Underscoring that the government doctors cannot be permitted to “use their employment for private practice and commercial exploitation”, J&K High Court has asked the Chief Secretary to examine this issue.
While hearing an application in a Public Interest Litigation on Covid-19, a division bench of Chief Justice Gita Mittal and Justice Puneet Gupta said: “. . . Government doctors and professionals cannot be permitted to use their employment and public facilities for building private practices and commercial exploitation”.
In its plea, J&K Peoples Form through its general secretary M M Shuja has raised various issues related to Covid-19. Advocate Shafqat Nazir on behalf of the Forum informed the court as to how the private practice by government doctors was plaguing the healthcare.
AAG Shah Aamir sought time to file reply on behalf of respondents.
Urging that patient care and public interest have to be placed on the highest pedestal, the court said: “Attending to lucrative private practices has to resultantly diminish and detract from the attention which a professional would pay to his salaried public position as a government doctor”.
The court said a copy of the application highlighting private practice and the observations it made in the order be served to Chief Secretary for examining the issue.
The applicant submits that several doctors and working in government hospitals “have taken undue advantage” of the restrictions. “Senior doctors and consultants do not care about the extraordinary situation but are still busy in their private clinics and nursing homes charging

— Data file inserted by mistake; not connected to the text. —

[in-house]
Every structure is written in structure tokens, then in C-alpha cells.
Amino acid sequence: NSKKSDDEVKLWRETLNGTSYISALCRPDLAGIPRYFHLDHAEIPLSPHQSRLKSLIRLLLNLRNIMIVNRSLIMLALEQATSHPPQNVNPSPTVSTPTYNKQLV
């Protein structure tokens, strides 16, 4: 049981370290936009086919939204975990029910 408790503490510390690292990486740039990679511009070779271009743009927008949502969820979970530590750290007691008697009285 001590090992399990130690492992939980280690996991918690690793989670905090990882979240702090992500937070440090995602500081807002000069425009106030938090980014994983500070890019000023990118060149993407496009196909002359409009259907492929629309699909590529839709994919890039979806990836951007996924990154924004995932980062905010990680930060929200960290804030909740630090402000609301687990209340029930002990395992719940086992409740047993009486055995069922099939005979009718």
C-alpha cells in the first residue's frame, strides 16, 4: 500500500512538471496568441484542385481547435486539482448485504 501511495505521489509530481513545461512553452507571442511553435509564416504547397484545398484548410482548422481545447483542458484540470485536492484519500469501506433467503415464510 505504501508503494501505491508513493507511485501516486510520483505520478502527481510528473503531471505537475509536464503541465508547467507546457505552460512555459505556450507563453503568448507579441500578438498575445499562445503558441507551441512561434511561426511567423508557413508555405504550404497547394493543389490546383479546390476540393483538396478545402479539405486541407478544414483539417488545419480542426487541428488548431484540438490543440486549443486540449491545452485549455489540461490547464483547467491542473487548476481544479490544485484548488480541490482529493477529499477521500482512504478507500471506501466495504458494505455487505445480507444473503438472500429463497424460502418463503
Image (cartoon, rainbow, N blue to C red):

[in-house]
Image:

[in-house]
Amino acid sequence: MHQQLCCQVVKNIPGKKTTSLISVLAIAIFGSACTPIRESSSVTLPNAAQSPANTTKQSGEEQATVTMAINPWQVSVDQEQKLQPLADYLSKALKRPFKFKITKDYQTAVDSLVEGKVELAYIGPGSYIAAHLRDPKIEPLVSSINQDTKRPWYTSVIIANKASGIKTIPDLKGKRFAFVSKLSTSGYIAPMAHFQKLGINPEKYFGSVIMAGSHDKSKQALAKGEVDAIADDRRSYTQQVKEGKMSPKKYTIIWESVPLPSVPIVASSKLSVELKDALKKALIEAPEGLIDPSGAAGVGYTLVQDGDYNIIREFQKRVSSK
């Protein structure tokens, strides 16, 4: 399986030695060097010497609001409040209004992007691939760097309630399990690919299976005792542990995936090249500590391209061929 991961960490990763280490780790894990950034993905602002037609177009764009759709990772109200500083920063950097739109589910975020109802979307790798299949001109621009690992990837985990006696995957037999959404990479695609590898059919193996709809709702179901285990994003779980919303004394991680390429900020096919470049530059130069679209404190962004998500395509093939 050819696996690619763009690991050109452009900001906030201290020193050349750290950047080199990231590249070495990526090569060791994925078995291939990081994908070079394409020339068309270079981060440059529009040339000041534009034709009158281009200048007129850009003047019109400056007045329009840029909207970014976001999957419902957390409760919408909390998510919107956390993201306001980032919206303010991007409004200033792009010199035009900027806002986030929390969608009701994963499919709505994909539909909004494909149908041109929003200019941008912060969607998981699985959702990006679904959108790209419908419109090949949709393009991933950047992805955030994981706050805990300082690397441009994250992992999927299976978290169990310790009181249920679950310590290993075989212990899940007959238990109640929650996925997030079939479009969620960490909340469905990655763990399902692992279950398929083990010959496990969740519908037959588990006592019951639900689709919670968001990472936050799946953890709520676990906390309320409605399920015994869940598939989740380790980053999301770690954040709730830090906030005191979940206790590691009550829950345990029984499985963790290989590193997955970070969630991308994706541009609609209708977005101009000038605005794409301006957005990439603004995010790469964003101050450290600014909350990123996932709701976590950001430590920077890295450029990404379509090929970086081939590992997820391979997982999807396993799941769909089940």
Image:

hefty money from non-Covid patients for whom there is no facility available in government hospitals,” he said.
“While facilities in the Dental Hospital Srinagar are closed and no procedures are being performed, several doctors and practitioners employed in the hospital are carrying out all those procedures in their private clinics,” the applicant said.
The application submits that in J&K the government doctors are permitted to carry on with their private practice which has a bad fallout. “This permission is used by medical practitioners to build large private practices by diverting patients from government hospitals to their private clinics”.
The petitioners pleads that the entire bureaucratic system in J&K has failed to give relief to general public.
“The Disaster Management System is carried out in a selective and unprofessional manner with the result the disaster management appears to be in disastrous situation” he pleads.
He submits that the entry of outside labourers in J&K without proper testing and quarantine procedure is alarming as hundreds of labourers have tested positive in Budgam and other districts of Valley.
“… the authorities have not been able to procure additional ventilators, life saving drugs and medical equipment for the newly created medical colleges and existing hospitals.”